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Providing for Consideration of H.R. National Defense Authorization Act for Fiscal Year 2017

Floor Speech

By:
Date:
Location: Washington, DC

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Mr. WELCH. Mr. Speaker, I thank the gentleman. I thank the Committee on Armed Services for the hard work they did to produce this bill. I am not going to support it.

The most important function that we have is to make certain that America is secure. Our defense authorization bill is a major component of that, but I believe this bill fails in some fundamental respects.

Number one, the budget is very large. We are approaching $700 billion. But throwing money at a problem does not solve a problem. What we are doing as we throw more money at a problem without making hard decisions is we generate and accept as inevitable an immense amount of inefficiency.

Number two, there is an overreliance on the OCO funding. First of all, OCO, off budget, should be debated, and it should be appropriated. It should be subject to all budget caps. But to then begin using it not just for overseas contingency operations but to actually invest in major weapons systems is a gross mistake that is just going to lead to a weaker budgeting system that is essential, in my view, to our national security.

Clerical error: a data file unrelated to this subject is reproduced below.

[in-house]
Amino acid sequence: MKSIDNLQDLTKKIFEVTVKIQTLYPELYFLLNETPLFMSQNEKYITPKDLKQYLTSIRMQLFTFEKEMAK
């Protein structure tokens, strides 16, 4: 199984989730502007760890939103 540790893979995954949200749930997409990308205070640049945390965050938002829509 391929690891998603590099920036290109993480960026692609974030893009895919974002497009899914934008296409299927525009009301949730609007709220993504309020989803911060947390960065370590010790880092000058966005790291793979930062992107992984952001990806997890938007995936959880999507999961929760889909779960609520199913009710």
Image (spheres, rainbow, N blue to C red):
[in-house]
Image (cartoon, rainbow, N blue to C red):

Of that OCO funding, money would be used for weapon systems like the F/A-18E Super Hornet and the F-35. The $35 billion in the OCO authorization is for war requirements, including dollar amounts in the millions.

Now, the other issue with respect to OCO--and another failure in this bill--is we are once again continuing to have military operations--this country is at war--without having any debate on an Authorization for Use of Military Force. That should be part of it.

Third, we have significant issues in NATO. As the Speaker and my colleague, the chairman, know, NATO is absolutely essential to our defense. But the time for the United States to be bearing as big a burden for that defense has come to a conclusion.

We will bear the majority of the expense, but the commitment on our NATO allies is to reach 2 percent of their gross domestic product in defense spending. If our NATO allies are not doing that, we are asking the American taxpayer to do it. These are mature democracies. They have stable economies. It is about time that we asked for this to absolutely happen.

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Mr. WELCH. The real fundamental question for us is whether or not in this defense budget we are going to ask what are the fundamental strategic necessities of the United States to be in a strong posture to defend itself.

The approach of just throwing more money and maintaining weapons systems that our military is not even asking for, of blinking on the question of personnel review--all of these things are just postponed for another day. They need to be faced today.

So, Mr. Speaker, I thank the committee for its work, but I will not be supporting this bill.

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